Literary Liaisons

A blog about writing and all things story…

Explain Plot Points Again?????

Back Lot Office at WW House

Hello all! I’ve been in Oregon at the Willamette Writer’s house in West Linn Oregon for the last week working on my novel. While I was there my friend and mentor, Jack Remick was the Author on Duty at a Goodreads ‘Ask the author’ event. I sent him a question (below) when I was sitting alone in my quiet writing space staring out the window at the squirrels, birds, falling leaves (you get the picture) and grappling with some novel engineering specifics.  Then I remembered Jack was on duty all weekend. What a cool resource. Anyway, of course he responded. I thought I’d share the answer just in case, like me, you tend to forget the things that Jack knows by heart, recites from memory, walks, eats and breathes.

Mindy wrote: “Hi Jack, I’m down in Oregon writing at WW– As I rewrite, I’m clear on my inciting incidents, but struggling with plot points. Can you give me a quick reminder of what they are meant to achieve in a story…”

Hello Mindy. I’m glad your comment came through. Plot Points. Well, as you know that whole thing comes from Aristotle through Syd Field. The Triadics of writing: beginning, middle, end. Act 1, 2, 3. Field saw, in reading screenplays, that something happened at certain page counts along the way: p 30, page 60, so on. He called those things that happened there: Plot Points. The Three Act structure is a modern synthesis of the Classical Five Act play. What’s curious about all of that is the in the classical model you know everything by act 2.5, or, in the Three Act model: MidPoint. Wow. So Field just rediscovered what Racine, Shakespeare, Marlowe, and Corneille had developed into an art form. In fiction, we look at three acts and want things to happen along the way: Plot Point 1, close to end of Act 1 you want twist. Mid Point. Plot Point 2, close to end of Act 2, another twist. Climax, Resolution (Aristotle catharsis). Look at it another way: if you’re on page 150 of a 300 page novel and your protagonist is still thinking about whether to murder her husband or not, you need a plot point–midpoint she at last unsheathes the knife…So plot points are a modern technique to keep you from writing flat. Stories are told with action and image. Our brains have been rewired by a hundred years of movies. Sure you can write a continuous narrative, interior all the way with no action, but you won’t get much traction from your readers who expect this: Open with Action; develop character through dialogue, build the story on turning points, and bring it all to a whiz-bang ending that leaves you breathless, satisfied, yet hungry for more. Oh No! Aristotle, again?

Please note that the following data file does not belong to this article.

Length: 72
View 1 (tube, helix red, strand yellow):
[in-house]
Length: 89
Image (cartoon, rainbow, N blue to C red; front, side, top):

Thanks Jack who is always the teacher and who always offers a lesson.  


One comment on “Explain Plot Points Again?????

  1. Stephen Hayes
    November 13, 2012

    A handy lesson. I expect to benefit from printing this out and referring to it from time to time. Thanks.

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This entry was posted on November 13, 2012 by in Uncategorized.
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